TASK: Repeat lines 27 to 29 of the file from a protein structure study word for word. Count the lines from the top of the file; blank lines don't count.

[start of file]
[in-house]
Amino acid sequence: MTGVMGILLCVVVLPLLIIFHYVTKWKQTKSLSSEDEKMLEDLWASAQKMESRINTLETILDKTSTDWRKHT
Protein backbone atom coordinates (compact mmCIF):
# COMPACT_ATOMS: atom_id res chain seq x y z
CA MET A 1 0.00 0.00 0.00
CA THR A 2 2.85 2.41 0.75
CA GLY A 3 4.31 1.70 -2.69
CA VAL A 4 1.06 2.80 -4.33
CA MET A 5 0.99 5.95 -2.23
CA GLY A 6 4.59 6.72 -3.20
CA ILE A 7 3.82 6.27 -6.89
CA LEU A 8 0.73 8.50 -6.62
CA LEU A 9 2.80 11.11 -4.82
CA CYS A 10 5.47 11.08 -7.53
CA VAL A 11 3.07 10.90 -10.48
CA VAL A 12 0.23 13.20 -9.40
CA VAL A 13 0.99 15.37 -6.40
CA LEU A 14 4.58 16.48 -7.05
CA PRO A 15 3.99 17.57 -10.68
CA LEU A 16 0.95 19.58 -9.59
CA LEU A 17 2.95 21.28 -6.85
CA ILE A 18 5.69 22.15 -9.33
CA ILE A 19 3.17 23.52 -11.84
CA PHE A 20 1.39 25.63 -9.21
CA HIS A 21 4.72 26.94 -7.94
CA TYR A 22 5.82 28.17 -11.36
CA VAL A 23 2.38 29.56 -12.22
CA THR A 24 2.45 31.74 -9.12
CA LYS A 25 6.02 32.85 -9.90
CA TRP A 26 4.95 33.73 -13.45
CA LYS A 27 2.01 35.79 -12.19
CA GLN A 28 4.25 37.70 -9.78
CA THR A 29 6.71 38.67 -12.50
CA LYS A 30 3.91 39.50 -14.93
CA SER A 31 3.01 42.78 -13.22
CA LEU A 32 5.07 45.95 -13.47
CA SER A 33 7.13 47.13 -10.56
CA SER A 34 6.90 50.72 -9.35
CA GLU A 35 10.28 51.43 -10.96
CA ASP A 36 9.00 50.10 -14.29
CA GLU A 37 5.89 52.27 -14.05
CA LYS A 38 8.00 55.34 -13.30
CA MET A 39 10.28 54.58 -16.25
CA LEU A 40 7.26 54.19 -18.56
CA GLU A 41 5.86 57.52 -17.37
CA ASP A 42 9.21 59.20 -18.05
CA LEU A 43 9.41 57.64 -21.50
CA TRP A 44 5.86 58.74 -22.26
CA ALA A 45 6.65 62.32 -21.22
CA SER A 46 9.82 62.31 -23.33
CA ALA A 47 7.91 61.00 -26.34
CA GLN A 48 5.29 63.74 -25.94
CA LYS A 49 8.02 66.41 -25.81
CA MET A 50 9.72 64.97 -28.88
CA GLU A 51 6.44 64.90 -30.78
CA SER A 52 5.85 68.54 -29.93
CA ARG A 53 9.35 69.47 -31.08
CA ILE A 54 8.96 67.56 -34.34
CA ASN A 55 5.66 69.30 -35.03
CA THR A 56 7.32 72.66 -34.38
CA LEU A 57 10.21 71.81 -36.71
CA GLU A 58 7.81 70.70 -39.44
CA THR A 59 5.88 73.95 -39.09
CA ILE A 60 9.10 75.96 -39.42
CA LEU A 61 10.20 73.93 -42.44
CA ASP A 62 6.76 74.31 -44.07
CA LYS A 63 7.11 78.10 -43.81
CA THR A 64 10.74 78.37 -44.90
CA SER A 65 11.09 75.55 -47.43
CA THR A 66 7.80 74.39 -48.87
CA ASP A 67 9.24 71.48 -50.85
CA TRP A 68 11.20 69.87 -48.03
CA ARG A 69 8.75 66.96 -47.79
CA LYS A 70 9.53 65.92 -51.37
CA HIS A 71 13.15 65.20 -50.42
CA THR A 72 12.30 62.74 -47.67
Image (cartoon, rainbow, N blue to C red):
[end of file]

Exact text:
CA VAL A 23 2.38 29.56 -12.22
CA THR A 24 2.45 31.74 -9.12
CA LYS A 25 6.02 32.85 -9.90